I am working on ARM-based processor (OS version: Linux 3.4.35) and I need to analyze the processor's performance while some processes are running, by typing top command, I can see some statistics but I do not understand the details there, what information should I look for ?

Here the details I need to understand (difference between CPU usr and CPU sys, what is nic, idle, io irq and sirq and how to clear cached RAM):

Mem: 32184K used, 648K free, 0K shrd, 676K buff, 7536K cached
CPU: 11.7% usr 29.4% sys  0.0% nic 41.1% idle 11.7% io  0.0% irq  5.8% sirq

The best place to get started with learning about a given Linux/Bash command is to reference the manual page or manpage of the given command.

Here is a link to a top manpage. In shell, you should be able to read the manpage by simply executing man top. I will also include a link to a blog explaining top.

The relevant part to your question can be found at section 2b. TASK and CPU States of the manpage:

As a default, percentages for these individual categories are displayed. Where two labels are shown below, those for more recent kernel versions are shown first.

       us, user    : time running un-niced user processes
       sy, system  : time running kernel processes
       ni, nice    : time running niced user processes
       id, idle    : time spent in the kernel idle handler
       wa, IO-wait : time waiting for I/O completion
       hi : time spent servicing hardware interrupts
       si : time spent servicing software interrupts

us and ni are the percentage of CPU usage spent on un-niced and niced processes respectively. Nice values are user space processes that are either nice or not in that they can be given a priority value that either cooperates and gets out of the way of more important kernel or system processes or does not. Here is a link to a fairly straightforward explanation of niceness and priority.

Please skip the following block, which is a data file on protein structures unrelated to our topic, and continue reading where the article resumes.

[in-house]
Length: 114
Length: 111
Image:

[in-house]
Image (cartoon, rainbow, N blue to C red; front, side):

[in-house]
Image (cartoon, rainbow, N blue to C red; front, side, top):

The others should be rather straightforward:

idle is how much of the processor's capacity is idle or unused. io is the Input/Output queue of the processor. irq and srq are hardware and software interrupts respectively.

If you want more information on how to sort top output, here is a relevant Stack Overflow post. Additionally if you want to know more about clearing cached memory/buffers, here is a U&L stack exchange post.

Please read over all the links I have provided and if needed you should dig a little deeper and research more into how Linux processing and memory handling works. There is a wealth of information out there online.

  • 1
    Thank you so much for this detailed and information, it helps me. – HomuncDev013 Feb 7 at 16:01
  • @HomuncDev013 that is what this site is for. If you continue to need assistance, have any other questions, or feel like you have a unique and informative answer to a question on this site please reference the help center for more information. – kemotep Feb 7 at 16:04

Your Answer

By clicking “Post Your Answer”, you agree to our terms of service, privacy policy and cookie policy

Not the answer you're looking for? Browse other questions tagged or ask your own question.